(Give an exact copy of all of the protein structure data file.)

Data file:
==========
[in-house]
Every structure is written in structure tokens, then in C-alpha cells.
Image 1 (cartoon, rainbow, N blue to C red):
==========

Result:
[in-house]
Every structure is written in structure tokens, then in C-alpha cells.
Image 1 (cartoon, rainbow, N blue to C red):